Alarm Ringed Over The Zero-day Threat Of Solaris

The telnet application of Solaris 10 was found to be having a major flaw that could be exploited easily, divulged security experts. Meanwhile, the code of the exploit was also posted publicly.

The vulnerability, dubbed as "major zero day bug" by the SANS Institute on its website on 12 February 2007, allows scammers with easy remote access to the PCs that run Solaris 10. The real problem lies in the manner Telnet - one of the network protocols - employs the parameters in authentication process, revealed Johannes Ullrich - the chief research officer with SANS Institute as per reports from TechWeb.

Ullrich continued that if a "trick" or plain text were added to the telnet command, the system would skip soliciting the username & password. There's no need to download the exploits. Each Solaris 10 & 11 system is in jeopardy. Systems installed out-of the box come automatically Telnet enabled.

Telnet is basically a program from 1970s that lets users to remotely log into a PC. It is generally disabled since the username & password are transmitted without being encrypted. However though the program is already abandoned widely, Sun continues to ship its Solaris 10 OS with Telnet client as well as server programs.

This flaw is easily exploitable through the standard commands of Telnet. Thereby increasing the exposure's severity, warned Symantec Corp in e-mail to its customers from DeepSight threat-management service of the firm. The warning further notifies that no associated advisory was included prior to releasing this exploit. Therefore, it's believed that it's been exploited hastily before the release.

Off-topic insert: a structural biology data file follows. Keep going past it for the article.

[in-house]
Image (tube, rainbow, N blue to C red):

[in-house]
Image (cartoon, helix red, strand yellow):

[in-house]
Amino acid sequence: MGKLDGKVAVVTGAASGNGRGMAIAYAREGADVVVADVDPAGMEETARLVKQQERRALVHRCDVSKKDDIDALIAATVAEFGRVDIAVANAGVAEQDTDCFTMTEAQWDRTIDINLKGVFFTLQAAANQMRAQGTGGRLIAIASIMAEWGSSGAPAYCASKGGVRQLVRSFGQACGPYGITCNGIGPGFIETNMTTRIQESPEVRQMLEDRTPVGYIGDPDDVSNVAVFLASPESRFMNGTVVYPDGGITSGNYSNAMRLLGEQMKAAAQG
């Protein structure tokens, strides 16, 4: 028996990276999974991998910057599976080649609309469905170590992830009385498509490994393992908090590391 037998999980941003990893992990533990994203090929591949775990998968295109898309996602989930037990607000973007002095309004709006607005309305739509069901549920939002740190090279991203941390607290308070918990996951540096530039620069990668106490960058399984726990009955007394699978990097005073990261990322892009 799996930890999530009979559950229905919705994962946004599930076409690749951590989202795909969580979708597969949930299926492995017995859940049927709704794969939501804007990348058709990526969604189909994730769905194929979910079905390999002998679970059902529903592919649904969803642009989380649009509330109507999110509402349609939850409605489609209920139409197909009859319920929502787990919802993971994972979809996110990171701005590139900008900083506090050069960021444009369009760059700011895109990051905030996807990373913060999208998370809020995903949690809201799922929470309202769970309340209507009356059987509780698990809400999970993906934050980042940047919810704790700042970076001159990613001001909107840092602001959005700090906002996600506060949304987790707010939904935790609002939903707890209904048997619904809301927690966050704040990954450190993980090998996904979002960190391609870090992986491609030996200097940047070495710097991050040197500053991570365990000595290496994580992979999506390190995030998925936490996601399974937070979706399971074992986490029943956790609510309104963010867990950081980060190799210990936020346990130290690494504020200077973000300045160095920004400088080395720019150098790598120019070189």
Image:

Experts have suggested two solutions for this problem. Firstly, either Telnet should be disabled or the IP addresses that may connect to the program through firewall be limited. In past, they've also alerted about the use of Telnet to pose risk due to unencrypted data that's being transferred among clients. Port scanners have also frequently been targeting Telnet.

Sun is capable of verifying the flaw and is testing the fix now. Telnet is disabled by default in Solaris 10 & users would've to follow a sequence of steps in order to enable it & even more for allowing it to manage root privileges. Solaris SecureShell has been recommended by Sun as a securer alternative for telnet.

Related article: Alarm Raise Over Vulnerability in Trend Micro’s anti-virus Tool

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